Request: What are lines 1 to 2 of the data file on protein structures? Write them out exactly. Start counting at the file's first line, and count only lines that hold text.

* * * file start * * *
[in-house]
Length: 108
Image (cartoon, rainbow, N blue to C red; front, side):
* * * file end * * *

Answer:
[in-house]
Length: 108